On-Campus Banks Charge High Overdraft Fees

On-campus banks might be convenient, but they’re often no cheaper than other banks when it comes to fees, according to one analysis.

On-campus banks might be convenient, but they’re often no cheaper than other banks when it comes to fees.

A NerdWallet analysis of university-affiliated checking accounts at some of the nation’s largest colleges found that the median overdraft fee for those accounts is $34.50 — hardly any cheaper than the national median of $35 at all banks and credit unions.

That can add up, considering that Americans ages 18 to 25 overdraft their accounts more often than any other age group, an average of twice per year, according to federal government data cited by NerdWallet.

If all full-time undergraduate students used university-affiliated checking accounts and incurred overdrafts twice per year, they would collectively pay $828 million per year in penalties.

NerdWallet banking analyst Devan Goldstein notes, however that:

“… it doesn’t have to be that way. There are cheaper ways to learn how to avoid overdrawing your account.”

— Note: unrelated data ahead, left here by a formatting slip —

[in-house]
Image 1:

In the case of 16 out of the 20 university-affiliated checking accounts examined, NerdWallet found banks or credit unions within 3 miles of campus that offered checking accounts with lower overdraft fees. In a couple of those cases, the local alternative institution’s checking accounts did not charge an overdraft fee at all.

For a breakdown of the 20 university-affiliated accounts and nearby alternatives, visit NerdWallet’s website.

To ensure they don’t pay more than they have to in overdraft fees, NerdWallet suggests college students ask a bank:

  • What’s the overdraft fee?
  • Is there a limit to the number of overdraft fees that can be charged per day?
  • If I don’t opt in to overdraft protection, can I still be charged for these transactions?

Other factors to consider include:

  • Whether the account has monthly maintenance fees.
  • How broad the financial institution’s ATM network is.
  • How good the institution’s mobile and online banking platforms are.

If a college student’s existing financial institution offers online banking, mobile apps and live chat, it might be unnecessary to switch to an institution with a branch on or near campus.

Additionally, for students who don’t need in-person services, online-only banks provide another alternative to university-affiliated institutions — and often don’t charge overdraft fees at all.

What do you consider the best type of bank for college students? Share your thoughts below or on Facebook.

Stacy Johnson

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